GREG: My pleasure. Thank you, Glenn.

GLENN: You bet. You know, it's interesting to me. And I wish we had time to talk to him about what's happening in California. California, remember, they all made fun of us for saying we wanted to secede. Texas wanted to secede. And now, Slate and Atlantic and all these left magazines are all saying --

PAT: That's not so outrageous. That's not so bad.

JEFFY: Why it makes sense for California to leave.

PAT: Yeah.

GLENN: No. What makes sense is the Convention of States so you as a state are not being held with a gun to your head, depending on who is elected.

We've got to stop this, now. Because I've got news for you. Trump can reverse all this stuff. You think the other guy is not going to come in and reverse all this stuff when they get in, of course.

PAT: And how about a constitutional amendment to take away some of that power.

GLENN: Yes.

PAT: Take that power away from some of these people. And just term limit them.

STU: Yes.

Today is the 75th anniversary of D-Day, the largest amphibious invasion in history.

The Allied invasion force included 5,000 ships and landing craft, 11,000 planes, and almost three million allied soldiers, airmen and sailors. Despite such numbers, the location and timing of the invasion was still an enormous gamble. The Nazis fully expected such an invasion, they just didn't know precisely when or where it would be.

Despite the enormous logistics involved, the gamble worked and by the end of June 6, 1944, 156,000 Allied troops were ashore in Normandy. The human cost was also enormous – over 4,900 American troops died on D-Day. That number doubled over the next month as they fought to establish a foothold in northern France.

There were five beach landing zones on the coast of northwestern France, divided among the Allies. They gave each landing zone a name. Canada was responsible for "Juno." Britain was responsible for "Gold" and "Sword." And the U.S. had "Utah" and "Omaha."

The Nazis were dug in with bunkers, machine guns, artillery, mines, barbed wire, and other obstacles to tangle any attempt to come ashore. Of the five beaches, Omaha was by far the most heavily defended. Over 2,500 U.S. soldiers were killed at Omaha – the beach so famously depicted in the opening battle sequence of the 1998 movie, Saving Private Ryan. The real-life assault on Omaha Beach included 34 men in that first wave of attack who came from the same small town of Bedford, Virginia. The first Americans to die on Omaha Beach were the men from Bedford.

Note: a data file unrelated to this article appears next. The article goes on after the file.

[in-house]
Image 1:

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America has a national D-Day Memorial, but many people don't know about it.

America has a national D-Day Memorial, but many people don't know about it. Maybe that's because it wasn't a government project and it's not in Washington DC. It was initiated and financed by veterans and private citizens. It's tucked away in the foothills of the Blue Ridge Mountains, in the small town of Bedford, Virginia. Why is the memorial for one of the most famous days in modern world history in such a tiny town? Because, as a proportion of its population of just 3,200 at the time, no community in the U.S. sacrificed more men on D-Day than Bedford.

There were 34 men in Company A from Bedford. Of those thirty-four, 23 died in the first wave of attacks. Six weeks after D-Day, the town's young telegraph operator was overwhelmed when news of many of the first deaths clattered across the Western Union line on the same day. Name after name of men and families that she knew well. There were so many at once that she had to enlist the help of customers in the pharmacy's soda shop to help deliver them all.

Among those killed in action were brothers Bedford and Raymond Hoback. Bedford was the rambunctious older brother with a fiancée back home that he couldn't wait to return to. Raymond was the quieter, more disciplined younger brother who could often be found reading his Bible. He fell in love with a British woman during his two years in England training for D-Day. Like in that opening sequence of Saving Private Ryan, Bedford and Raymond barely made it down the ramp of their Higgins Boat in the swarm of bullets and hot steel before they were cut down in the wet sand.

Bedford and Raymond Hoback's mother, Macie, learned of both their deaths from two separate telegrams, the first on a Sunday morning, the second the following day. Their younger sister, Lucille, remembered her mother's devastation, and her father walking out to the barn to cry.